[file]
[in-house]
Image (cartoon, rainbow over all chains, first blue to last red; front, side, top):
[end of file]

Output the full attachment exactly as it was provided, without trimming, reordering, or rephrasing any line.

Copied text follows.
[in-house]
Image (cartoon, rainbow over all chains, first blue to last red; front, side, top):